Peers Give Students More Reason to Learn

Students are more motivated to learn when their peers tell them there's a reason to learn about a particular subject, according to research from Michigan State University.

Students everywhere have wondered, at some point, why they had to learn about some subject. It is perhaps more common in high schools and colleges, especially in general education courses. Why should one learn about American history when they want to study packaging science, for example?

Every teacher has a response for these questions, and while they make total sense to the teacher, they don’t always get through to the student. When the rationale for studying something comes from a peer, though, it gets through, even if it’s the exact same wording.

A study from Michigan State University has found that students given peer rationales averaged 92 percent on the final grades, while those receiving a teacher rationale only averaged 88 percent. This implies that teachers, while capable of imparting the information that the students need to learn, aren’t as good at telling them why it’s important.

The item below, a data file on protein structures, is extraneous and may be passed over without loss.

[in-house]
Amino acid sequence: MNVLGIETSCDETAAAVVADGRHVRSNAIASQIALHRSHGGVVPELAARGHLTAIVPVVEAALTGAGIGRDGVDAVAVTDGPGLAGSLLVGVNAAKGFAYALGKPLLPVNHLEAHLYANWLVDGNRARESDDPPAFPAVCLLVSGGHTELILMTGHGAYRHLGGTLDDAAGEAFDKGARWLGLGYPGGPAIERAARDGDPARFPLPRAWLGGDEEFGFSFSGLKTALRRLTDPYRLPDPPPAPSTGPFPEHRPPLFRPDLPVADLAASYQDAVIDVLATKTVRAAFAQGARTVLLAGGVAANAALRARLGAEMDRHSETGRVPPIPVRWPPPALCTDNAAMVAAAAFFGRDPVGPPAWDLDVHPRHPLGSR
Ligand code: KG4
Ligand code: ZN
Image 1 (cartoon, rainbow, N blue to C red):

The researchers posit that this might have something to do with the fact that teachers control grades, so their rationale might be seen as simply justifying what they want to teach. However, if a fellow classmate or a young professional tells a student that a subject is worth studying and why, it activates something in that student’s mind. Such people are seen as someone with more directly relatable experience.

“These findings suggest that what instructors were good at was getting across cold facts, while the peers seemed to be tapping into an identification process, said study co-author Cary Roseth of Michigan State University. “In other words, as a student I can identify with my peers and imagine myself using the course material in the same way they do. This gives the material meaning and a sense of purpose that goes beyond memorization. When I hear a peer’s story, it connects to the story I am telling myself about who I want to be in the future.”

This is also supported by the fact that students in the study who received no rationale for why they were studying a subject averaged 90 percent on their final grades. While hearing such an argument from a peer might help, it seems like getting it from a teacher doesn’t, and might even hurt the student’s grades.

This isn’t so say that teachers shouldn’t tell students how or why something they’re learning is important, but that they may want to consider having a peer impart that information so it has a more positive effect on the student.

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